Proteins found in the tear film show promise as potential diagnostic markers for chronic graft-vs.-host disease (GVHD) and could be used as a noninvasive and simple test for screening, diagnosis and grading severity, a study in The Ocular Surface suggests.
A team of Chinese researchers enrolled 23 ocular chronic GVHD patients and 16 others with dry eye disease as the control group. The study considered several ocular surface parameters including tear break-up time (TBUT), corneal fluorescein staining, ocular surface disease index scores and Shirmer’s test results. The investigators measured 23 cytokines and considered their consistency with the different ocular surface parameters.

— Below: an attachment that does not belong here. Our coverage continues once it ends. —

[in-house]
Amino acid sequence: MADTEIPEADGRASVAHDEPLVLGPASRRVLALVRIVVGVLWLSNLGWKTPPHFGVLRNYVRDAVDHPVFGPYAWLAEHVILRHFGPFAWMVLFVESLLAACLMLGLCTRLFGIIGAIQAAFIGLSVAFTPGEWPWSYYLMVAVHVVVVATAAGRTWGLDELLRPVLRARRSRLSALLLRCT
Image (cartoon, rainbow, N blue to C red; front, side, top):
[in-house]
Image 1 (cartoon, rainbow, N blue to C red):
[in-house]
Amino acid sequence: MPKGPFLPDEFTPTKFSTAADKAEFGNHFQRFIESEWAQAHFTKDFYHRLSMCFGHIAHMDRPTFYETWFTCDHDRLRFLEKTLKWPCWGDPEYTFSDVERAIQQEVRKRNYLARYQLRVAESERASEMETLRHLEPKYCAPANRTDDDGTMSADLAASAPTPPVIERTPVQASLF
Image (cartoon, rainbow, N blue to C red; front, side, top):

The study found ICAM-1, IL-1β, IL-6 and IL-8 showed elevated levels in the eyes of GVHD patients compared with the dry eye group—possibly indicating new diagnostic markers, the researchers said. Additionally, IL-7 and EGF had lower levels in the GVHD patients than the dry eye subjects. Also of note: IL-6 and IL-8 showed a stronger correlation with corneal fluorescein staining, and the levels of IL-6 and ICAM-1 were most consistent with fluorescein TBUT.
“Because tear sampling is noninvasive and simple, this method is expected to be overwhelmingly applicable for the screening and diagnosis of chronic GVHD,” the study concluded.
|Hu B, Qiu Y, Hong J. Tear cytokine levels in the diagnosis and severity assessment of ocular chronic graft-versus-host disease (GVHD). The Ocular Surface. January 15, 2020. [Epub ahead of print].|